Comparing Jacob and Esau

ImageThe fateful deal between the paternal twins Jacob and Esau – the birthright sold for a bowl of pottage – has provoked many an uncomfortable commentary[1]. Unfair as they are, their interpretations are not the focus of my commentary. Instead, I would like to have another look the texts surrounding the sons of Isaac and discover that these views, in reality, hold no water.

25.24 Her days to deliver were fulfilled and behold! Twins were in her womb.
25.25 Out came the first: Red, all of him, like a hairy robe. So they called his name Esau.
25.26 And afterward, his brother came out with his hand gripping Esau’s heel. And his name was called Jacob. And Isaac was a son in his sixtieth year when she bore them.

First of all, we are given information on the birth of the boys.  The older is called “adomi kulo ke’aderet se’ar,” which is often translated, “red all over, hairy like a robe.” The term used for David haMelech is “admoni” which most versions of the Tanach translate as “ruddy,” but it, likewise, means, “he is red,” much like my hair before stress and bad diet took the color away. “Adomi” is a wordplay on “Edom,” a nation that comes from Esau, and “Se’ar” is a play on “Seir,” a mountain range SE of the Dead Sea which lies within Edomi territory. In contrast, Jacob [a play on ekev] was smooth, plump, and childlike but had a firm grip on his brother’s heel.

These features are not accidental, serving instead to clearly herald the future of the twins. This same significance is found in their names; according to our sages of old, the name of a person captures the fundamental nature of a person. When a child is born, they are a blank slate, but they possess an innate ability to assimilate information and ideas. From the birth canal onward [or even sooner], the child is constantly learning something new, acquiring wisdom, and gaining intelligence. This genetically instilled proclivity impels the child onward; the longer this propensity lasts, the more the child develops.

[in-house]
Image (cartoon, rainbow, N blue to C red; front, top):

In the Tabernacle [Mishkan] and in the First Temple [Beit Hamikdash], the Aron [the Arc of the Covenant] had two childlike cherubim figures on the cover. This is to indicate that if we are to progress in our relationship with Hashem, we most model ourselves on children and emulate their thirst for advancement and growth.  They never stop learning and we, likewise, must be constantly open for guidance and growth. When the Torah speaks of Joshua in Exodus 33:11, it uses the term “na’ar,” [boy, lad, young man]. This was not intended to be an insult, but it’s intent is to show that Joshua, who was a middle-aged man at the time, never lost his youthful zeal for improvement. This quality foreshadowed his future status as Moshe’s successor. In like manner, Jacob, whose name is derived from ekev [heel], which is the lowest part of the human body, represents inadequacy. Feeling that his spiritual walk with Hashem was still on its first step, this drove Jacob to strive forward. Therefore, he was called Ish Tam [a perfect man]. This makes Jacob’s character active and vibrant.

Perhaps this is why Messiah says “Unless you change and become like children, you cannot enter the World to Come[2].” As a supportive note, check out John’s first letter where he speaks of his audience as “little children.”

In contrast, Esau was born with a different spirit and temperament. He came into the world with as much hair as Sean Connery or Robin Williams. His physical appearance portrays the attitude of someone who feels complete or accomplished, not only physically, but also within his opinionated worldview. This arrogance is found even in his name, for Esau is derived from the word esui, which gives the sense of completed, done, or finished[3]. He didn’t need to seek self-improvement, and this attitude eroded his soul. It seems fitting that Amalek [the sniping stinging insect that killed our stragglers during our journey through the wilderness] was a descendant of Esau. In contrast to Jacob’s vibrancy and active personality, Esau is static – what you see is all you get. R’ Pinchas Roberts suggests that Jacob was trying to teach his brother humility by holding onto Esau’s heel. If so, the lesson fell on deaf ears.

Verse 26 makes an interesting declaration and we gain insight into a common structure within Torah in the process. The verse states, “Isaac was a son in his sixtieth year.” Among other things, this verse gives us a clue on the timing of a short and sad passage from last week’s parashah. Last week we read, “Abraham expired and died at a good old age, mature and content, and he was gathered to his people.” It’s easy for us to read this verse in Genesis 25:8 and automatically think Abraham never saw his grandchildren who are born 16 verses later. However, verse 26 reminds us that Yitzhak is still under the authority of his living father. In fact the Talmud lets us know Abraham lived until the twins were 15 or 16 years of age, but more on that later.

25.27 The boys grew up. And Esau became a man knowing hunting – a man of the field. Jacob was a complete man who remained with the tents.
25.28 And Isaac loved Esau because his game was in his mouth, and Rebecca loves Jacob.